Use this URL to cite or link to this record in EThOS: https://ethos.bl.uk/OrderDetails.do?uin=uk.bl.ethos.773826
Title: Differentiation of human pluripotent stem cells into inner ear cells
Author: Jeong, Minjin
ISNI:       0000 0004 7961 0679
Awarding Body: Newcastle University
Current Institution: University of Newcastle upon Tyne
Date of Award: 2018
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Abstract:
Hearing loss is among the most common of sensory impairments and there are over 500 million deaf individuals in the world. Currently, most treatment strategies depend on acoustic amplification or cochlear implantation in severe cases. These electronic devices can give help to those with hearing loss, but they are not perfect cures for deafness. Over the last decade, stem cell technology has received a great attention as a possible and powerful treatment for a number of diseases. The induction of human inner ear tissue from pluripotent stem cells would be applicable not only to modelling of sensorineural hearing loss disease but also for the generation of clinically useful sensory cells. In this study, we have developed a method for differentiating human pluripotent stem cells to inner ear cells. Using a three-dimensional culture system, we modulated TGF, BMP, and FGF signalling to generate otic vesicle-like structures alongside neural progenitor cells from stem cell embryoid bodies (EBs). Over 3 months, the vesicles developed into EBs that give rise to sensory hair cells bearing stereocilia bundles that are innervated by possible sensory neurons. Additionally, using FM1-43FX we detected hair-cell-like cells and possible sensory neurons that have active mechanotransduction ion channels. We also showed that derived neurons exhibit electrophysiological properties similar to primary auditory neurons of the rat cochlea. Finally, we demonstrated how these otic EBs are structurally and biochemically similar to developing human cochlear and vestibular organs. We believe that this study would facilitate the study of human inner ear development and also could benefit a broad range of individuals suffering from sensorineural hearing loss.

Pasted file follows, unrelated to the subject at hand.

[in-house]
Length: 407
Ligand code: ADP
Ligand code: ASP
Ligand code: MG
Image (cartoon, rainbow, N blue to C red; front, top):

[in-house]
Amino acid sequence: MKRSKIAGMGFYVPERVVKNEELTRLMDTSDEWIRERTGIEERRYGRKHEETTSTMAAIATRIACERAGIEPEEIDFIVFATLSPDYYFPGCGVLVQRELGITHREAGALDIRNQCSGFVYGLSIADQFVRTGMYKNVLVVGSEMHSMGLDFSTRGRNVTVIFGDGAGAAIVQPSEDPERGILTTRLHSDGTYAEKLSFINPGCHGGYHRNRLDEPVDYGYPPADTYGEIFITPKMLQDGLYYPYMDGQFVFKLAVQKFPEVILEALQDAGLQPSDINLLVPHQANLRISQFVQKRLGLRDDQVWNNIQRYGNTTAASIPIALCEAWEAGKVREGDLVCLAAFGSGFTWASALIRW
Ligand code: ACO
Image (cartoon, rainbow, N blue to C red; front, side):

Supervisor: Not available Sponsor: Not available
Qualification Name: Thesis (Ph.D.) Qualification Level: Doctoral
EThOS ID: uk.bl.ethos.773826  DOI: Not available
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